A series at St. Andrew Parish in Northeast Portland will explore the Second Vatican Council in depth. Presentations and discussions will include history of the Council, the contents of some documents and current relevance of the Council's teachings.
The series, open to anyone, is scheduled for 11 a.m. on the second Sunday of each month beginning Nov. 11 and ending June 9. Sessions will be held in the parish's community center.
On Nov. 11, Msgr. Charles Lienert, former pastor of St. Andrew, will discuss how the Council came to be, its participants, its procedures, and some of its principal documents and teachings.
“I was studying theology during those exciting days of the Second Vatican Council," Msgr. Lienert says. "I spent the first half of my years of ministry trying to implement the great vision of the Council, and the second half trying to further and defend the vision. We can’t turn back now.”
Bishop Remi DeRoo was present at all four sessions of the Council. On Dec. 9, he will preach at the 9:30 a.m. Eucharist and then lead a session. Retired Bishop of Victoria, British Columbia, he is being called a "Pilgrim of the Second Vatican Council." His aim, he says, is to rejoice with people "in joy and hope as the Vatican II document on the Church in the Modern World suggests."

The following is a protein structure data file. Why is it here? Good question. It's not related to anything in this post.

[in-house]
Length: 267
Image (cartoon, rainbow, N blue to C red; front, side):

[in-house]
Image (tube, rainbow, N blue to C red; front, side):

On Jan. 13, parish liturgist Michael Prendergast will speak on Vatican II’s vision of the liturgy. Founder of Sacred Liturgy Ministries, he'll discuss liturgy as the work of the people and the Council's call for full, conscious and active participation in liturgy and life.
Maria Fleming, former pastoral associate at St. Andrew and current theology teacher at St. Mary’s Academy, will present the first four chapters of the Dogmatic Constitution on the Church (Lumen Gentium) on Feb. 10. Lumen Gentium established "People of God" as the dominant image for the church. Solidifying the image was its placement prior to the description of the hierarchical structure of the church. The constitution's third chapter on the hierarchy moves away from monarchical terms to collegial ones.
On March 10, Rene Sanchez, professor of theology at the University of Portland, will focus on the implications of the call to holiness which is found in Lumen Gentium. He'll pay particular attention to the universal call to holiness made to all people of the church, distinction of gifts found within the church and the place of the Spirit in understanding the church's identity as defined by the end times.
On April 14, Fleming and Sanchez will be on a panel seeking listeners' response to Lumen Gentium.
On May 12, the subjects are ecumenism and interfaith dialogue. Mary Jo Tully, chancellor of the Archdiocese of Portland and a specialist on the topics, will speak.
Among the documents of Vatican II, the Decree on Ecumenism and the Declaration on the Relation of the Church to Non-Christian Religions probably received the most attention from those outside the church. Both are based on Catholic theology and tradition. The presentation will examine what both documents ask of all people of good will in relation to other Christians and religious traditions
The forum will review the main points of the series on June 9. It will examine the implications of Vatican II’s teaching for the Body of Christ as members attempt to proclaim and live the Gospel. The session will look forward to the continuing series on the Council, which will run through 2015.